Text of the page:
In their current publicity [display], the Speedo corporation presents its latest fabulous swimsuit product, with an ingeniously sensual name: Fastskin. I wonder if the Scotsman Alexander MacRae — who started out in 1914 by manufacturing underwear, not to mention mosquito nets during World War II — realized what he might be unleashing in the way of watery dreams when he invented Speedo stuff.

Thursday, December 27, 2007

Over half a century ago

Starting in 1950, Australia dominated the Davis Cup for a period of four years, first with the duo Frank Sedgman and Ken McGregor. Then the young Australians Lewis Hoad and Ken Rosewall took over. In Melbourne in 1953, Hoad and Rosewall beat the US players Vic Seixas and Tony Trabert.

The 1954 finals in Sydney gave Seixas, 31, and Trabert, 24, a chance to get even with the 20-year-old tennis twins Hoad and Rosewall.

And that's exactly what they did, in the first two days, in a series of four-set matches.

Back in those final sunny days of December 1954, my paternal grandparents [Pop and Ma, as we called them] had invited me to drive down to Sydney with them to watch the finals of that Davis Cup tournament at White City Stadium. I seem to recall that we attended the doubles match, on the second day, since that was the kind of social tennis to which we were accustomed back in Grafton. For us, it was hard to imagine a game of tennis in which the server wasn't gazing in the direction of the backside of his partner (often of the opposite sex), crouched near the net. Singles matches appeared to us as unusually solemn and solitary events, in which you didn't even have somebody to chat to during the calm periods while your opponents were collecting the balls for the next stroke.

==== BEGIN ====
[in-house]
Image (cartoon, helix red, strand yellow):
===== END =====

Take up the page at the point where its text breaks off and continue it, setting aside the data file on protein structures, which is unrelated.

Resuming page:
On 28 December 1954, at the splendid lawn courts between Kings Cross and Edgecliff, I got autographs from the four players.

This 1954 tennis tournament in Sydney remains in the local history books as a much-publicized event, probably because of the hero status of Hoad and Rosewall. Personally, I wasn't greatly surprised to see the young Australians defeated. Physically, they looked like young Australian sportsmen of the kind one could see anywhere. Seixas and Trabert, on the other hand, appeared to me as Martians, particularly when seen up close. They seemed to exude a mysterious mixture of power and sporting wisdom, quite unlike the naive grins of the Aussie kids. I had the impression that, for these superior Americans, tennis was not just a game; it was their business.

Friday, December 7, 2007

Urban visual pollution

What is there in common between an Australian railway-worker turned politician named Joseph Cahill [1891-1959] and a French banker turned politician named Georges Pompidou [1911-1974]? Answer: They both succeeded in disfiguring for decades (forever?) two of the most magnificent natural sites in the world.